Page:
Like all other engines which power the 90 series, it’s a 1969cc unit, boosted via turbocharging to produce 258lb ft. It’s the most powerful non-hybrid in the range of each car, and is made of aluminium and lightweight aluminium alloy.
In the S90, Volvo claims the engine will return 42.8mpg and 154g/km CO2 - 14g/km down on the 2.0-litre Ingenium petrol-engined Jaguar XF, despite having the same power output and 11lb ft less torque.
The new derivative is only available in high-spec R-Design and Inscription specs, and starts from £41,120. Top speed is 140mph, and 0-62mph passes in 6.8sec - 0.5sec and 12mph slower than the similarly engined Jaguar XF. Deliveries start imminently and orders are already open.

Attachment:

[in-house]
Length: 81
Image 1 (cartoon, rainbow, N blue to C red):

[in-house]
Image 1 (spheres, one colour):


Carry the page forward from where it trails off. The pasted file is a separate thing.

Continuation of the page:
The move represents the next prong in Volvo’s no-diesel future, under which the brand is ending the production of oilburners as each model is phased out. The S60, due early in 2019, won’t be offered with a single diesel, with only 1.5-litre three-cylinder, 2.0-litre four-cylinder and T8 plug-in hybrid petrol engines the only ones on offer.
Across the first half of 2018, 61% of Volvo's sales were diesels, compared with 39% petrols and hybrids. Across the car industry during the same period, 32% of new registrations were diesels - a decline of more than 30% on the same period in 2017.